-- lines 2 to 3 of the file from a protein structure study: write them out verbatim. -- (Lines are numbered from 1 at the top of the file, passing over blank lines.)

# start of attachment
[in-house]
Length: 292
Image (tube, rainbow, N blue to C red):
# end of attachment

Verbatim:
Length: 292
Image (tube, rainbow, N blue to C red):